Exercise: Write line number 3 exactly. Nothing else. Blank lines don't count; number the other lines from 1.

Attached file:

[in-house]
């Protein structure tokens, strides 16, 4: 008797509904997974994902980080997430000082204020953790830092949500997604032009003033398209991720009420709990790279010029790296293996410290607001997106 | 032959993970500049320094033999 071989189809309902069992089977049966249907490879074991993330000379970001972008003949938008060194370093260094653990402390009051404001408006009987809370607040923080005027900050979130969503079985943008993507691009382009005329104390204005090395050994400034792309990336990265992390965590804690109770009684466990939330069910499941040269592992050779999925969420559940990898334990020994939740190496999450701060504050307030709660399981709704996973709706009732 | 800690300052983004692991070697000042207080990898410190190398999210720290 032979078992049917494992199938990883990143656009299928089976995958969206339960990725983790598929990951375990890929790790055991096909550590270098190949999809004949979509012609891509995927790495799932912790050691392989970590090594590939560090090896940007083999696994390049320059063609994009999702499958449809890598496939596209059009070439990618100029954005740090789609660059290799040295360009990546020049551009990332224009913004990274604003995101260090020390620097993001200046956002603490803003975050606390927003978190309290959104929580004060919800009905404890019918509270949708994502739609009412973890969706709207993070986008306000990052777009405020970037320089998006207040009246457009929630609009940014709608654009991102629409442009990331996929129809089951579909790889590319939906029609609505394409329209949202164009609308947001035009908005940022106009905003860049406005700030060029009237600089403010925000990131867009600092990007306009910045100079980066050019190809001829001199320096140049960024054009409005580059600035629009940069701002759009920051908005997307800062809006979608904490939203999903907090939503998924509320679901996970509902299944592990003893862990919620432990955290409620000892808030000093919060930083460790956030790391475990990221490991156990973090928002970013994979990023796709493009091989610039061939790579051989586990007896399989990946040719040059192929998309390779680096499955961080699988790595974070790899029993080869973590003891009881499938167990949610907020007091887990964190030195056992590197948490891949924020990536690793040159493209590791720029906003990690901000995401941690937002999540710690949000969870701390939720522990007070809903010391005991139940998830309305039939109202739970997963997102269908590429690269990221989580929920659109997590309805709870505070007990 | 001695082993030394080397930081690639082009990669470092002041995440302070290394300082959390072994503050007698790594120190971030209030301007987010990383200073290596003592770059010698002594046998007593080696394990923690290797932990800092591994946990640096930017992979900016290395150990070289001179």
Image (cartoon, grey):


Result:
Image (cartoon, grey):